Few poets of the past 60 years were so well known, or so influential. His books sold more than 1 million copies worldwide, a fantasy for virtually any of his peers, and he ran one of the world’s most famous and distinctive bookstores, City Lights. Although he never considered himself one of the Beats, he was a patron and soul mate and, for many, a lasting symbol — preaching a nobler and more ecstatic American dream.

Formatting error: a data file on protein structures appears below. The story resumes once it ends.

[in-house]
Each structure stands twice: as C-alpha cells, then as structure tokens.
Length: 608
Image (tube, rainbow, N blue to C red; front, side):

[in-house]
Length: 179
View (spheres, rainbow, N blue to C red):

He self-identified as a philosophical anarchist, hosting many sit-ins and protests against war at City Lights. He regarded poetry as a powerful social force and not one reserved for the intellectual elite, saying, “We have to raise the consciousness; the only way poets can change the world is to raise the consciousness of the general populace.”